The hospitality, leisure and retail sectors led job gains in July, with unemployment levels improving slightly overall.
Payroll employment rose by 1.8 million in July and the unemployment rate declined to 10.2 percent, following a high of 14.7 percent in April, according to Department of Labor figures released Friday. Still, 16.3 million Americans remain jobless — and an additional 10.3 million were not counted because they searched for unemployment in the past year, but gave up their search or did not take a job in the past month.
Most of the job gains were in the leisure and hospitality, government, retail, professional and business services and health care sectors.
The number of part-time workers rose dramatically, from 803,000 to 24 million, while full-time employees remained at about 119.5 million.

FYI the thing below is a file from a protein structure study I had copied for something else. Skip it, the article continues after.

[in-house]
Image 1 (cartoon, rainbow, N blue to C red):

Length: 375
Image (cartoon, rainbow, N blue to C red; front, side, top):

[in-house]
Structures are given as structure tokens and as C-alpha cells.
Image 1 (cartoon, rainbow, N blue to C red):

In its monthly report, DOL attributed the improvements to “the continued resumption of economic activity that had been curtailed due to the coronavirus (COVID-19) pandemic and efforts to contain it.”
Real estate and rental and leasing added 15,000 jobs in July, but overall financial activities jobs are still down 216,000 since February.
The leisure and hospitality sectors added 592,000 jobs, accounting for about one-third of the July’s employment increases. The hospitality and leisure sector was initially hit the hardest, losing 7.7 million jobs in April, most of which were from bars and restaurants. Employment in bars and restaurants added more than half a million jobs in July, following a larger gain of 2.9 million over the previous two months. Still, 2.6 million fewer workers are employed in bars and restaurants than in February.
Retail added 258,000 jobs, nearly half of which were among clothing stores. Still, the figure is down 913,000 from before the pandemic.
Mike Fratantoni, chief economist of the Mortgage Bankers Association, called the gains an “impressive rebound,” but underscored the severity of the economic downturn.
“The unemployment rate declined in July, but at 10.2 percent, this is still higher than the peak during the Great Recession,” he said. The unemployment rate is estimated to have reached about 25 percent during the Great Depression in 1933, before DOL began collecting seasonally adjusted data.